At Monsef's swearing-in ceremony as the Member of Parliament for Peterborough-Kawartha, which occurred at the House of Commons on November 24, 2015. Clockwise starting on the left: the family are Mehrangiz Monsef, Mina Monsef, Mehdi Taheri (Mina’s husband), Soriya Basir, Maryam Monsef, Leila Taheri (Mina & Mehdi’s daughter). (House of Commons)

(This column originally appeared in the Toronto Sun)

The Maryam Monsef scandal gets more serious with each passing day.

Monsef’s office declined an interview with the Toronto Sun, but for each day she remains silent, the case against her continues to mount.

The latest call for a full investigation into Monsef’s case is from Lloyd Fournier, a retired adjudicator from the Immigration and Refugee Board (IRB).

The former senior IRB judge specialized in refugee claims from the Middle East, including both Afghanistan and Iran. He presided over thousands of cases during his career.

There is “something very odd in the Maryam Monsef story,” Fournier wrote in his personal blog.

I spoke to Fournier about the Monsef file, and about refugee applications in general from Iran and Afghanistan during the mid-1990s – when the Monsef family came to Canada.

A person’s country of origin, that is, where a person was born “makes a huge difference” on a refugee application, said Fournier.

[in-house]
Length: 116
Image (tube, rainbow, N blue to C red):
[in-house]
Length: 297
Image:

Cases are determined based on the likelihood of persecution in a specific country, and the ability of that country to provide protection. Where a person was born is a central point of reference for an IRB judge.

According to Fournier, the Immigration and Refugee Protection Act establishes claims based on a “well-founded fear of persecution.”

Each refugee application is considered on a case by case basis, but, he noted, it would have helped the Monsef family’s case to claim they were from Afghanistan rather than Iran.

“The facts are that at the time the Monsef family claim was made at the IRB, a higher percentage of Afghan claims were successful than claims from Iran,” said Fournier.

So while some Liberals try to spin that Monsef being born a mere 373 kilometers away is “no big deal” – the law says otherwise. “Lying in order to get one’s way in court,” Fournier said, is a very “big deal.”

“It diminishes credibility in her refugee claim,” said Fournier.

He also notes that the law in question…READ MORE